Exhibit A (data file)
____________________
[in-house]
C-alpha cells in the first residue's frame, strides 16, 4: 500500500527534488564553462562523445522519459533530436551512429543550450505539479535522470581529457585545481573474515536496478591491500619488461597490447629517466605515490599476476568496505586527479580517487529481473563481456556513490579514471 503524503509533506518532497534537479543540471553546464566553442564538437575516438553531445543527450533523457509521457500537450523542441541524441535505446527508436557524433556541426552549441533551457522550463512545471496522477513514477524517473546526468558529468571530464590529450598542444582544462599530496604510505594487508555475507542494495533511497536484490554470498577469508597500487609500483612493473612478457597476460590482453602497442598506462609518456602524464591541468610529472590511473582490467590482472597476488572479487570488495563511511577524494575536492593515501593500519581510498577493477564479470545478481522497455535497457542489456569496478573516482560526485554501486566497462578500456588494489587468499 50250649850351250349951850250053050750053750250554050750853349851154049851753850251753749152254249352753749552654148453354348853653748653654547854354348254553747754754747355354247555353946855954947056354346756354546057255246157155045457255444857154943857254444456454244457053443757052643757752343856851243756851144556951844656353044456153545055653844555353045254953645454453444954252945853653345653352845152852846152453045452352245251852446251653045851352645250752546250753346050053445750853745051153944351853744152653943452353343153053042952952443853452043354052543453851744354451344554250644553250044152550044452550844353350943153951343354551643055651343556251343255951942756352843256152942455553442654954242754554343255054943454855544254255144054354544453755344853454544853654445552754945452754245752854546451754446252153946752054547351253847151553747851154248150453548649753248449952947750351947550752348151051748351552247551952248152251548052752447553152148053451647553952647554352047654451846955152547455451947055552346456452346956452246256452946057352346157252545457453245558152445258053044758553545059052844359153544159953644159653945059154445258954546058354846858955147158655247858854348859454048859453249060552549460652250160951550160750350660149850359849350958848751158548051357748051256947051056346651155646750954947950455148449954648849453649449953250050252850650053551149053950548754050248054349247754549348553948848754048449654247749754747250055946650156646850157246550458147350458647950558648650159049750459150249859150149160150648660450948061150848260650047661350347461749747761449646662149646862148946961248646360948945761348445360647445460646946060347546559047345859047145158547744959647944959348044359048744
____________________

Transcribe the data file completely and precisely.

[in-house]
C-alpha cells in the first residue's frame, strides 16, 4: 500500500527534488564553462562523445522519459533530436551512429543550450505539479535522470581529457585545481573474515536496478591491500619488461597490447629517466605515490599476476568496505586527479580517487529481473563481456556513490579514471 503524503509533506518532497534537479543540471553546464566553442564538437575516438553531445543527450533523457509521457500537450523542441541524441535505446527508436557524433556541426552549441533551457522550463512545471496522477513514477524517473546526468558529468571530464590529450598542444582544462599530496604510505594487508555475507542494495533511497536484490554470498577469508597500487609500483612493473612478457597476460590482453602497442598506462609518456602524464591541468610529472590511473582490467590482472597476488572479487570488495563511511577524494575536492593515501593500519581510498577493477564479470545478481522497455535497457542489456569496478573516482560526485554501486566497462578500456588494489587468499 50250649850351250349951850250053050750053750250554050750853349851154049851753850251753749152254249352753749552654148453354348853653748653654547854354348254553747754754747355354247555353946855954947056354346756354546057255246157155045457255444857154943857254444456454244457053443757052643757752343856851243756851144556951844656353044456153545055653844555353045254953645454453444954252945853653345653352845152852846152453045452352245251852446251653045851352645250752546250753346050053445750853745051153944351853744152653943452353343153053042952952443853452043354052543453851744354451344554250644553250044152550044452550844353350943153951343354551643055651343556251343255951942756352843256152942455553442654954242754554343255054943454855544254255144054354544453755344853454544853654445552754945452754245752854546451754446252153946752054547351253847151553747851154248150453548649753248449952947750351947550752348151051748351552247551952248152251548052752447553152148053451647553952647554352047654451846955152547455451947055552346456452346956452246256452946057352346157252545457453245558152445258053044758553545059052844359153544159953644159653945059154445258954546058354846858955147158655247858854348859454048859453249060552549460652250160951550160750350660149850359849350958848751158548051357748051256947051056346651155646750954947950455148449954648849453649449953250050252850650053551149053950548754050248054349247754549348553948848754048449654247749754747250055946650156646850157246550458147350458647950558648650159049750459150249859150149160150648660450948061150848260650047661350347461749747761449646662149646862148946961248646360948945761348445360647445460646946060347546559047345859047145158547744959647944959348044359048744